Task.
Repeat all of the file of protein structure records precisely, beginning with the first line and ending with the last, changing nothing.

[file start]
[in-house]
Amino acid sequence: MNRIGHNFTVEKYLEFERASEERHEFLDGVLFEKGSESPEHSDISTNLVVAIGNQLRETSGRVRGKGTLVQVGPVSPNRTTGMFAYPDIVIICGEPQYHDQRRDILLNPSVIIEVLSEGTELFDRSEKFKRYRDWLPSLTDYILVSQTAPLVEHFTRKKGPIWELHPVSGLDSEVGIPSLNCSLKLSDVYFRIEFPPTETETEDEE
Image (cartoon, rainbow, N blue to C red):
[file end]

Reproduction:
[in-house]
Amino acid sequence: MNRIGHNFTVEKYLEFERASEERHEFLDGVLFEKGSESPEHSDISTNLVVAIGNQLRETSGRVRGKGTLVQVGPVSPNRTTGMFAYPDIVIICGEPQYHDQRRDILLNPSVIIEVLSEGTELFDRSEKFKRYRDWLPSLTDYILVSQTAPLVEHFTRKKGPIWELHPVSGLDSEVGIPSLNCSLKLSDVYFRIEFPPTETETEDEE
Image (cartoon, rainbow, N blue to C red):